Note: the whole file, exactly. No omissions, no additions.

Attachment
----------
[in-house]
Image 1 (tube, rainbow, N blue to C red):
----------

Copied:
[in-house]
Image 1 (tube, rainbow, N blue to C red):